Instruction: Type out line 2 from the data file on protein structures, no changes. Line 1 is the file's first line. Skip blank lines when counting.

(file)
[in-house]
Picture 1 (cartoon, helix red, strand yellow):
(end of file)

Picture 1 (cartoon, helix red, strand yellow):